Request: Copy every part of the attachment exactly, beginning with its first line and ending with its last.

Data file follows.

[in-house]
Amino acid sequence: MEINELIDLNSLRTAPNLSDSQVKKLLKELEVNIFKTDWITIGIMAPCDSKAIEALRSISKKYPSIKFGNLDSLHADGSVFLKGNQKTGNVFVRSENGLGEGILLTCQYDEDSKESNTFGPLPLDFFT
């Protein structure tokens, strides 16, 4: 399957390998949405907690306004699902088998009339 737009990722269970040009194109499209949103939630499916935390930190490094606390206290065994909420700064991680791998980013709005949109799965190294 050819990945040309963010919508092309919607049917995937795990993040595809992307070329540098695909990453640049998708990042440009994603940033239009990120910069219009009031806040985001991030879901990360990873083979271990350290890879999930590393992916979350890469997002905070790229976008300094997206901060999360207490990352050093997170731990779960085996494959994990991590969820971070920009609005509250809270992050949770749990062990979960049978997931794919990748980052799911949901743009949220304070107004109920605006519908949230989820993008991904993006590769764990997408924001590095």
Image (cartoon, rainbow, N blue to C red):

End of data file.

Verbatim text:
[in-house]
Amino acid sequence: MEINELIDLNSLRTAPNLSDSQVKKLLKELEVNIFKTDWITIGIMAPCDSKAIEALRSISKKYPSIKFGNLDSLHADGSVFLKGNQKTGNVFVRSENGLGEGILLTCQYDEDSKESNTFGPLPLDFFT
């Protein structure tokens, strides 16, 4: 399957390998949405907690306004699902088998009339 737009990722269970040009194109499209949103939630499916935390930190490094606390206290065994909420700064991680791998980013709005949109799965190294 050819990945040309963010919508092309919607049917995937795990993040595809992307070329540098695909990453640049998708990042440009994603940033239009990120910069219009009031806040985001991030879901990360990873083979271990350290890879999930590393992916979350890469997002905070790229976008300094997206901060999360207490990352050093997170731990779960085996494959994990991590969820971070920009609005509250809270992050949770749990062990979960049978997931794919990748980052799911949901743009949220304070107004109920605006519908949230989820993008991904993006590769764990997408924001590095």
Image (cartoon, rainbow, N blue to C red):